Where he fell flat, , and shamed his worshippers ;]
Dagon his name, sea-monster, upward man
And downward fish :) yet had his temple high

Reared in Azotus, dreaded through the coast 465 Of Palestine, in Gath, and Ascalon,

And Accaron and Gaza's frontier bounds.]

436. Bow'd down-The participle.

439. With crescent horns cannot be governed by called, nor by came. We must supply being their before queen.

442. Unsung, agrees with Astoreth.

451. Supposed [to run purple) with blood, &c., not supposed (to be) wounded.

458. Who mourned in earnest.-The lamentations for Thammuz were unfounded; his annual wound (447) was fabled, but Dagon suffered truly. See 1 Sam. v. 4.

460. Grunsel, i.e., groundsel edge, the basement of the pillars.

Him followed Rimmon, whose delightful seat
Was fair Damascus, on the fertile banks

Of Abbana and Pharphar, lucid streams.
470 He also ʼgainst the house of God was bold : 1

A leper once he lost, and gained a king ;
Ahaz, his sottish conquerour] whom he drew
God's altar to disparage, and displace,

For one of Syrian mode, whereon to burn 475 His odious offerings, and adore the Gods |

Whom he had vanquished. | After these appeared
A crew, who, under names of old renown,
Osiris, Isis, Orus, and their train,

With monstrous shapes and sorceries abused 480 Fanatic Egypt and her priests, to seek

Their wandering gods disguised in brutish forms
Rather than human. / Nor did Israel 'scape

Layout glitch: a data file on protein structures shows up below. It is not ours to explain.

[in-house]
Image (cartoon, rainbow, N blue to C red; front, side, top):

The infection, when their borrowed gold composed

The calf in Oreb ; | and the rebel king 485 Doubled that sin in Bethel, and in Dan,

Likening his Maker to the grazed ox ;
Jehovah, who, in one night,) when he passed
From Egypt marching, equalled with one stroke

Both her first-born and all her bleating gods.) 490 Belial came last, | than whom a Spirit more lewd

Fell not from Heaven, or n.ore gross to love
Vice for itself : | to him no temple stood |
Or altar smoked';] yet who more oft) than he]

In temples and at altars,) when the priest 495 Turns atheist, | as did Eli's sons, / who filled

471. A leper-Naaman, cured hy Elisha, 2 Kings v. 17.

472. Ahaz.-See 2 Kings xvi. 10. 479. Abused=perverted.

481. Wandering. - So called because Osiris was supposed, on the death of the sacred bull, to wander into some other.

484. The rebel king-Jeroboam.
486. Bentley raises some weighty objec-

tions to the four following verses, which he
considers spurious.

488. Equalled, in the sense of killed, not usual.